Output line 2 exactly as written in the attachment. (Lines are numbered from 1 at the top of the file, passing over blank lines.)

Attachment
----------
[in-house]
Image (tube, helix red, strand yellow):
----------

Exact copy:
Image (tube, helix red, strand yellow):